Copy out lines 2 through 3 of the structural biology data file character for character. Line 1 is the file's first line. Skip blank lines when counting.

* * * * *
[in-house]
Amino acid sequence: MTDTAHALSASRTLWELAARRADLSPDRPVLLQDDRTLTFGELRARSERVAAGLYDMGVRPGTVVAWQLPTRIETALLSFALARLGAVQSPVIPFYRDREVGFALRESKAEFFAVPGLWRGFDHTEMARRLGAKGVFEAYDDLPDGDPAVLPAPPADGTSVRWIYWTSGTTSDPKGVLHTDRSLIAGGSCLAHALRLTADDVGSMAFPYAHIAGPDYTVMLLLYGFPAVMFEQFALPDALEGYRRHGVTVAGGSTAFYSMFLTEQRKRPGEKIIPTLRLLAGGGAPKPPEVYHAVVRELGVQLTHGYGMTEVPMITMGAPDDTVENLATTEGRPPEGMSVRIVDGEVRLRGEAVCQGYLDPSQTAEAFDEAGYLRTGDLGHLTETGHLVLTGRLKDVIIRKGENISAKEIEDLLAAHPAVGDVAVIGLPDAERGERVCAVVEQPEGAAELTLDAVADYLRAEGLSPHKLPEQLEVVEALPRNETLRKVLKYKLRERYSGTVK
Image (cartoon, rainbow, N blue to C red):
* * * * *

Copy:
Amino acid sequence: MTDTAHALSASRTLWELAARRADLSPDRPVLLQDDRTLTFGELRARSERVAAGLYDMGVRPGTVVAWQLPTRIETALLSFALARLGAVQSPVIPFYRDREVGFALRESKAEFFAVPGLWRGFDHTEMARRLGAKGVFEAYDDLPDGDPAVLPAPPADGTSVRWIYWTSGTTSDPKGVLHTDRSLIAGGSCLAHALRLTADDVGSMAFPYAHIAGPDYTVMLLLYGFPAVMFEQFALPDALEGYRRHGVTVAGGSTAFYSMFLTEQRKRPGEKIIPTLRLLAGGGAPKPPEVYHAVVRELGVQLTHGYGMTEVPMITMGAPDDTVENLATTEGRPPEGMSVRIVDGEVRLRGEAVCQGYLDPSQTAEAFDEAGYLRTGDLGHLTETGHLVLTGRLKDVIIRKGENISAKEIEDLLAAHPAVGDVAVIGLPDAERGERVCAVVEQPEGAAELTLDAVADYLRAEGLSPHKLPEQLEVVEALPRNETLRKVLKYKLRERYSGTVK
Image (cartoon, rainbow, N blue to C red):